As some conservatives argue, this leading from behind business could certainly be used as a beard to cover up a lack of any leadership at all. But the real test is whether Obama accomplished the U.S. goal of getting the United Nations to authorize war in Libya, and on that score he was successful. It’s no small thing. Bill Clinton could not get U.N. approval for the war in Kosovo and George W. Bush could not get U.N. approval for the war in Iraq.
Frankly, what Obama did was a massive bait and switch. He used the Arab League’s support for a no-fly zone to win United Nations support for a far larger military intervention. The debate about the merits of this style of leadership should also take into account what was accomplished.
Lizza’s right so far as it goes. Obama demurred, seeming to side with Defense Secretary Robert Gates and others who argued against intervention, and allowed France, the UK, and the Arab League to get out in front of him. And then he got a Security Council resolution passed—somehow getting Russia and China to abstain, rather than vetoing—that called for much stronger measures than any of them wanted while insisting the United States would only play a supporting role!
There’s only a wee problem with all this: the United States remains the world’s only superpower.
As late night comedian Jon Stewart quipped, the U.S. turning the mission over to NATO is "like Beyoncé saying she’s ceding control to Sasha Fierce." Having backed the intervention into Libya and declared that the only acceptable outcome is for Muammar Gaddafi to be ousted from power, it’ll be the United States—not France, not the United Kingdom, and certainly not the Arab League—who’ll be blamed if things go wrong.
Further, while Lawrence Kaplan overstates the case when he declares that "A campaign devised to showcase the benefits of multilateral action has done exactly the reverse," he’s certainly right when he says "someone on the Obama team ought to have inquired about European capabilities." The story is a familiar ones to regular readers of New Atlanticist: "Ten years ago, the U.S. contributed roughly half of NATO’s defense budget; today, it accounts for three-quarters of the alliance’s military expenditure. During the same period, the number of active duty military personnel in Europe declined by more than one third."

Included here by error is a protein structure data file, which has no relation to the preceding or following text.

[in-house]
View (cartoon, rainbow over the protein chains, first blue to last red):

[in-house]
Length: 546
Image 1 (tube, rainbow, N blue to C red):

The result has been predictable: The French and Brits quite literally are running out of bombs and otherwise lack sufficient manpower and equipment to pull off what would seem a rudimentary operation. By contrast, despite the fiasco that Iraq turned into after the fact, the United States managed to overthrow Saddam Hussein’s much more formidable regime in three weeks all by its lonesome.
So, Kaplan is right: "Regardless of his own inclinations, President Obama has been presented with successive crises to which he has been obliged, kicking and screaming, to respond. The United Nations has not been able to. Europe has not been able to. Either the United States will respond, or no one will."
And, frankly, that means leading from the front.
The "leading from behind" technique is a brilliant strategy for coalition building. Both Mandela and Obama used it quite successfully in getting buy-in from crucial communities, letting other people think that the ideas were their own. And, certainly, Obama used it successfully to maneuver his preferred policy through the Security Council, something that not even Bill Clinton could do on Kosovo.
But, having entered into a decision to act, the policy must actually be carried out. And Obama’s passing the buck to the French and Brits has yielded stalemate. So: Now what? Is the United States committed to ousting Gaddafi in order to protect Libya’s civilian population? Or is it willing to see a protracted conflict, with untold innocents dying while "NATO" issues decrees that it can’t enforce because its most significant member is taking a supporting role?
James Joyner is managing editor of the Atlantic Council. Photo credit: Scott Olson/Getty Images.